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Turning the Corona-Crisis Into a Corona-Crucible

Making meaning during a global pandemic.

Image by NickyPe from Pixabay
Source: Image by NickyPe from Pixabay

I wonder if my experiences are like yours. Every day is another loss. This week, a close family member, a nurse, was diagnosed with COVID-19. School was officially cancelled for the rest of the year. Summer vacations were postponed. The high school soccer season was cancelled—with my freshman son only getting to play a single game. Summer camps and activities that provide much needed physical, emotional, social, and spiritual growth were all cancelled. I’m suddenly homeschooling five children and trying to do my job from home, as my husband goes to work in a business considered “essential” by the government. To top it all off, my three-year-old snapped my laptop in two, effectively shattering much of my ability to try to do my job effectively. And the week is not over yet.

I am in crisis. Our family is in crisis. So is my country. And so is the entire world. We are all in this together. Crisis mode is stressful, anxiety-provoking, and so sad. I recognize that I’m lucky here—I still have a job, I am not sick, and we have food on the table and toilet paper in the cupboard. And yet, we are still in crisis mode.

How do we move forward? How do we facilitate growth and unity rather than stagnation and discord? How can we ultimately turn a crisis rife with anxiety, loss, and uncertainty into a crucible—a container used for extremely hot chemical reactions that is “melt-proof”?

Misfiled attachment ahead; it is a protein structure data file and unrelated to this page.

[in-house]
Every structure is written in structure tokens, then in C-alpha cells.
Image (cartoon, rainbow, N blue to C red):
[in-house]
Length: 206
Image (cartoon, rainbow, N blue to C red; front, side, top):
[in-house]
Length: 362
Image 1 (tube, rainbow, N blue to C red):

Image by Brennan Emerson from Pixabay
Source: Image by Brennan Emerson from Pixabay

Metaphorically, we also go through crucibles, trials that change the nature of the material inside us and represent the hardest parts of our lives. Crucibles have the capacity to shape our character and development in profound ways if we allow them to, fostering an interior evolution impossible to achieve under ordinary circumstances. Although most of us would not choose to live through a crucible—it typically involves intense struggle or hardship—it need not shut us down as a crisis does, but instead can allow for significant growth.

We are still right in the middle of this crisis, replete with so much that is unknown and so much pain. But eventually, I hope as individuals, families, countries, and a worldwide community that we can turn this crisis into a crucible.

What might that look like? Ultimately, a crisis might turn into a crucible through the meaning and context we give it. However, it is important to first understand our personal coping patterns within a crisis that help us move forward. This is best illustrated by the three-part family adjustment and adaptation response model.

First, we all have demands. These are daily stressors, strains, hassles that may or may not involve a global pandemic. Next, we all have capabilities. These are our emotional, social, financial, or psychological resources and coping behaviors that we use to deal with our demands. How well our demands and capabilities are balanced determines how well we adjust individually. We tend to fall into crisis mode when the demands outweigh the capabilities (which is why many of us feel the way we do right now!).